THE SOUTHERN CAUCASUS: ROAD TO EUROPE
Georgy Zurabashvili, Ph.D. (Philol.), Director, Institute of Democratic Development (Tbilisi, Georgia)
New geopolitical spaces formed by the new sovereign states, some of which are rich in natural resources and others a link in the trans-Asian transportation corridor of strategic importance, have filled the expanse formerly occupied by the Soviet Union.
The Southern Caucasus is one of the key elements in the newly formed geopolitical expanse, therefore its countries, while dealing with the economic and political problems of the transition period, had to address another, no less urgent problem of cooperation with the international community.
All three post-Soviet South Caucasian states are actively working to create mutually acceptable development patterns applied to their integration into the world community. They are all based on their advantageous geopolitical situation; they all want to create a stable system of international cooperation in order to reach political and economic security. In view of this, their foreign policy priorities are better bilateral mutually advantageous relations, stronger multisided contacts within international, European included, organizations and institutions, and involvement in military, financial, and social programs. Mere statements about their strategic course are not enough to achieve the desired aim—radical structural changes which would meet the requirements of the European Union, NATO, and other international organizations are needed.
It should be said that the West is still treating the South Caucasian countries with a certain degree of doubt, even though they have already covered part of the road leading to democracy. I do not mean human rights, freedom of the press, or economic liberalization issues. Europe is showing a certain cautiousness when dealing with the South Caucasian states because of the mentality problem. It is no secret that not all Western politicians agree that the Pontic coast is part of the old continent, for them it is a distant, or even alien, part of Europe. The road to the European community has been charted, yet it turned out to be a long and difficult one. At the same time, the local countries, which are seeking stronger sovereignty, political stability, and economic growth, have no alternatives.
Despite its domestic and foreign problems, Georgia managed to be the first country to set off on the road leading to its integration into Europe. It joined the Council of Europe as a full-fledged member, because it had established a democratic regime at home, achieved freedom of the press, well-protected human rights, political pluralism, etc. It was a sort of a trailblazer, which paved the way for Azerbaijan and Armenia.
The idea of joining Greater Europe was naturally formulated and is being realized by the country’s leaders, yet the nation is actively supporting it. The very fact that at the latest presidential elections Mikhail Saakashvili was elected by a vast majority demonstrated that the nation is unanimous about our country’s membership in the European structures. During his election campaign, the future president clearly stated that Georgia’s future was related to its pro-Western foreign policy and integration with the West. We can agree with those who say that the reasons for the “revolution of roses” are much deeper rooted and less superficial, yet the people were driven into the streets to depose Shevardnadze because of economic stagnation. We can say that the former leaders demonstrated absolute impotence in the face of corruption (or an unwillingness to defeat it); all the progressive reforms that could have helped the country withdraw from the deep crisis were discontinued; and the state structures were weak, while recent appointments inadequate. All this ignited the revolution.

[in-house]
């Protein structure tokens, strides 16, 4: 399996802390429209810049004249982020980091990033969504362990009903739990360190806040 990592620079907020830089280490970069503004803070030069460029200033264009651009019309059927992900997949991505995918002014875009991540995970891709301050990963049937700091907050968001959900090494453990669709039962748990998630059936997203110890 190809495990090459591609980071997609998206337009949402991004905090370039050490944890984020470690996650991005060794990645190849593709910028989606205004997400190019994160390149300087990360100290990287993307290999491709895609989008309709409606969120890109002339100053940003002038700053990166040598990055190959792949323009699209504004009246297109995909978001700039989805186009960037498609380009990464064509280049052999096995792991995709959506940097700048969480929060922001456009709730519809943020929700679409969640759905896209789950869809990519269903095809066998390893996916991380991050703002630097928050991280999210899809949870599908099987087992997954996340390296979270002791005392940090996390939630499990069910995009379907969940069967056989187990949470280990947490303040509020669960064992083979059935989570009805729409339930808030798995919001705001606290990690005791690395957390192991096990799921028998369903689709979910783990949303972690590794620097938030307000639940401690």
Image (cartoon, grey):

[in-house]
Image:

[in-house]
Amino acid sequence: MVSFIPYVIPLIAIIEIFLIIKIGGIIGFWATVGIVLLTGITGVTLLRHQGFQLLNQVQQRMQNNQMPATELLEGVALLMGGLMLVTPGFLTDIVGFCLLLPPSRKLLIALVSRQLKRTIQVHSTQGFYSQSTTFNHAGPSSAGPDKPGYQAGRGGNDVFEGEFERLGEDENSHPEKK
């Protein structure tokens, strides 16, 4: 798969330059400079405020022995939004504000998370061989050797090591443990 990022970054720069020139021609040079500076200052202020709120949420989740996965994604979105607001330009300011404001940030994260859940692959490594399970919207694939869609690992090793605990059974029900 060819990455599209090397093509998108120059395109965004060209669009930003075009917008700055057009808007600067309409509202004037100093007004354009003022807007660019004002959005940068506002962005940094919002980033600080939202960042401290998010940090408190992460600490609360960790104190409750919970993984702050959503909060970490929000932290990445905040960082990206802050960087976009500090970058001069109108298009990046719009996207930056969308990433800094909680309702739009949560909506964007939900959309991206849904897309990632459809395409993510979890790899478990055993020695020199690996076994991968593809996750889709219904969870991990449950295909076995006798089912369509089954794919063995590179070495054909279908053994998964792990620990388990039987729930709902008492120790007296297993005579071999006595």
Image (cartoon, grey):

It should be said in all justice that the former president did a lot to strengthen Georgia’s independence and realize the revived idea of the Silk Road; he repeatedly stated that his country was prepared to join NATO. His contribution to the trans-Asian transportation corridors (including the oil and gas export routes that cross our territory) cannot be overestimated. This was what finally shaped Tbilisi’s pro-Western course. We should not forget that he took a firm stance when it came to the Russian military bases in Georgia. His position was reflected in the Istanbul documents and partly translated into reality (two of the four bases were closed down). There are two other bases still functioning in the republic, and there is no exact date for their withdrawal. Official Tbilisi repeatedly raised the Abkhazian issue in an effort to increase the West’s role in settling the conflict. In this way our country acquired more weight on the world arena.
Naturally enough, no one can predict when Georgia will become an EU member, but it will probably follow its NATO membership. Today, 70 percent of its population is living below the poverty level; Georgia is one of the world’s poorest countries. The new authorities are working hard to beat corruption, yet its level remains high; the education and health protection system and the country’s micro- and macro-economy should be urgently and radically restructured. Better conditions in these and other spheres and a better life for the people are major demands and major prerequisites for our EU membership.